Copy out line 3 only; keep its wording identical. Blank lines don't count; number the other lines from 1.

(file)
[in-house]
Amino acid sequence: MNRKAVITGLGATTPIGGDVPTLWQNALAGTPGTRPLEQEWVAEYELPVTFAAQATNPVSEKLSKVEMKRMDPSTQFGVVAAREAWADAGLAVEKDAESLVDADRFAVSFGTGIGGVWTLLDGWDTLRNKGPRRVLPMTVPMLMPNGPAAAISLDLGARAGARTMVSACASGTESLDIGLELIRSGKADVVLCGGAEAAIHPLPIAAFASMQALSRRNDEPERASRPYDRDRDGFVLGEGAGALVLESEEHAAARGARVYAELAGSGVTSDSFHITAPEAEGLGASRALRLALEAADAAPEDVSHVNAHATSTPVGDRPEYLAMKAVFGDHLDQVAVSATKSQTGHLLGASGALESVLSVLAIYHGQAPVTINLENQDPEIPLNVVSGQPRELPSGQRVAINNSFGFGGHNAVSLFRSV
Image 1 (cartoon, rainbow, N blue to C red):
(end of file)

Image 1 (cartoon, rainbow, N blue to C red):